Doctor Johanna Rose Garrison leaned back in her chair, one last click extinguishing the computer's light. That was it. The last of the forms had been sent off, the final approvals and offers ferried to the appropriate personnel, and the last experiments should have been completed by now. It was, for the next twenty minutes, Christmas Eve. Maybe, just maybe, she could take tomorrow off.
The door to the office slid open, and Garrison recognized a familiar face. “Agent Bryant. Good to see you.” The man stepped in, looking sheepish, and she glanced at the clock before waving at him to sit down. Twenty minutes. “What is it?”
“Do you want to hear the bad news or the worse news?”
Johanna sighed- there went her plans of leaving on time tonight. “The bad news.”
“SCP-504's escaped from containment. Someone left the door open.”
She sighed in relief. That was manageable. “Well, send in an appropriately equipped containment team to retrieve the specimens, and that should be fixed easily enough. What's the worse news?”
“You know that termination attempt on SCP-682 we were going to try out?”
“Yes… Remind me, you were going to then drop him down a mineshaft?”
“Right. Well. It didn't work. He kind of, uh, well, grew wings.”
Johanna stared at him. “And, pray tell, where is 682 now?”
“He… escaped into a nearby orchard. And he's currently hiding in a tree.” Seeing Johanna's stare, he rapidly continued, “But we have a dozen marksmen- well, one was killed, last I heard, but the rest are there- shooting at him, and Doctor Klein is taking care of amnesiacs with the civilians and adjusting files as necessary.”
“Though, there's a reason to suspect that inappropriate behavior among the researchers involved had to do with the outbreak, so we've got the ten of them cleaning SCP-173's pen.”
She sighed. “Is that all?”
“Er… There's been a mutiny among some of the D-class. Two teamed up and started a bit of a massacre, four others joined in.”
Johanna Garrison blanched. “Security's on it?”
“Of course. I haven't heard whether they've stopped it recently though.”
She stared at him. “There's more, isn't there.”
"Oh, yes. See, computer errors caused a large amount of data regarding SCP-006 to be released to all personnel- when its clearance normally starts at O5 level… The four tech guys who should have been monitoring it are all denying responsibility. They'll probably be trying to contact you.”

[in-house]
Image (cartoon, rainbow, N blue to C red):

As if on cue, Johanna's desk phone went off. “That's probably them now,” Bryant said, helpfully. She leaned over, unplugged it, and looked down wearily. “Please tell me that's it.”
“Well, apart from that, it's minutia… Some of the live containment cells have some structural instability, but there are crews working on that… Let's see, the 914 test results came back- we've got a couple of half-pigeon, half-reptiles you'll want to see, the recombinant DNA is like nothing I've ever seen. I sent them to your office for analysis. They're in liquid nitrogen.”
“And apart from that, the only other thing of note is that SCP-447's container is getting filled up, we'll want to move it.”
“Of course. Get a new container.” Johanna sighed, resting her head in her arms. “I'm sorry, Gabriel, I really wanted to get the day off tomorrow, I had hoped we could spend Christmas together, I didn't know this much would come up…”
“You probably wouldn't have been able to anyways,” Gabriel Bryant patted her arm. Just then, a rhythmic cacophony passed by the hallway.
“Shit.” Garrison sat up. “Was that a brass band?”
“I wasn't sure where else to find the twelve drummers drumming,” Bryant said. The doctor turned to stare at him as he got up, dancing into the hallway.
“I mean, you've already got the eleven snipers sniping, ten doctors sweeping, Klein's data expunging, goo-ball buckets brimming, six D's a-slaying, O5's youthful springs, four calling nerds, three broken pens, two turtle-doves…”
“And a…” Johanna continued automatically, then just stared. “In what universe does 682 with wings count as a partridge?”
But Bryant was already gone, running down the hall. The 504 specimen crashed into the wall where his head had been, missing him by inches.